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Women are deprived of some very basic workplace rights, reveals a pan-India study of over 43,000 females across sectors and socioeconomic strata. Sample this: 48% of women healthcare workers in Rajasthan and one in three policewomen in Maharashtra don’t have toilet facilities. Similarly, a significant percentage of working women don’t have canteen, transportation, or security provisions. More than one in 10 women face sexual harassment at the workplace, but a vast majority of them in the unorganised sector don’t have access to an internal redressal mechanism.
EY plans to add 14,000 staffers across its eight captive global delivery services centres in India this year, Srinivasa Rao, global vice-chair at EY GDS, told Economic Times. The Big 4 firm is scouting for talent in advanced analytics, cybersecurity, automation and machine learning. EY already has 27,000 people across its GDS network, seen as “the conduit” for its outsourcing contracts. The company’s peers are also in hiring mode: Deloitte has announced plans to recruit 40,000 in Hyderabad while KPMG intends to add 9,000 people to its India team.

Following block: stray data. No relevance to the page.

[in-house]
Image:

As many as 9.34 million students are currently pursuing a Bachelor of Arts degree, making it India’s most popular undergraduate programme (paywall). That’s followed by BSc (4.68 million) and BCom (4.03 million), according to the All India Survey of Higher Education. Experts feel the high number of students pursuing plain-vanilla BA is a problem – it doesn’t equip them with practical job-related skills and sometimes limits options outside of academics. Nearly one in four youngsters in India find it tough to land their first job, according to HBR’s Ascend Youth Skills Survey.